[AfrICANN-discuss] Higher Education in Sub-Saharan Africa

Khaled KOUBAA khaled.koubaa at topnet.tn
Mon Aug 13 21:21:08 SAST 2007

Interesting article.
My question is when research group and think tank understand that if you 
want a real-like research you have to be in region and not in a nice 
office downtown DC :)

Anne-Rachel Inné wrote:
> For those interested -
> http://www.arp.harvard.edu/AfricaHigherEducation/Online.html
>     Computing and Online Knowledge
> ------------------------------------------------------------------------
>         Computers in African Universities
> ------------------------------------------------------------------------
> Are computers necessary for a university education? It is possible to 
> teach most subjects well and thoroughly without expensive technology. 
> But computers offer a solution to a problem identified by all the 
> students surveyed: outdated textbooks and course materials. They are 
> also vital for much of modern science, engineering, and business. 
> Leaving students without programming skills may leave them 
> underprepared for graduate school or unemployable in industry.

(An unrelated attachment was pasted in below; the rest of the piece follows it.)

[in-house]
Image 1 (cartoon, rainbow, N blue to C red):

> Access to the internet is so desirable to students in Africa that they 
> spend considerable time and money to get it. Many students surveyed, 
> with no internet connection at their universities, resorted to 
> private, fee-charging internet cafes to study and learn. The fees are 
> not small: several US$/hr, exceeding in many countries the average 
> daily income. One student reports spending large amounts of time 
> walking to the internet cafe because he could not afford both the 
> internet fee and the taxi fare. (Imagine, by analogy, U.S. college 
> students walking for hours and paying $100/hr to do optional reading). 
> Connection to online knowledge is valued enough by students in Africa 
> that they will make that sacrifice.
> Internet cafe in Ghana (image from the BBC World News Service)
>   Internet cafe (Ghana)
> -- read this survey 
> <http://www.arp.harvard.edu/AfricaHigherEducation/Essays/essays/Ethiopia_1.pdf> 
> from Ethiopia for the trauma of trying to write a research paper 
> without textbooks, research journals, instruction, or an internet 
> connection.
> Programming is essential for at least graduate-level science, 
> engineering, and business: all use computer-based data analysis, 
> modeling and numerical simulation. Computer use for data analysis can 
> also, if taught well, help focus science instruction more on problem 
> solving than on memorization of received knowledge. The students 
> surveyed here, mostly participants in an international postgraduate 
> program for science and math graduates, universally report that its 
> chief benefit was practice in scientific computing. They also cite 
> lack of programming instruction as one of the chief faults of their 
> undergraduate educations.
> -- read this survey 
> <http://www.arp.harvard.edu/AfricaHigherEducation/Essays/essays/SouthAfrica_1.pdf>